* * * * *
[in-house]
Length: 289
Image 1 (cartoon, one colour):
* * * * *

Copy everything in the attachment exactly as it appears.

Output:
[in-house]
Length: 289
Image 1 (cartoon, one colour):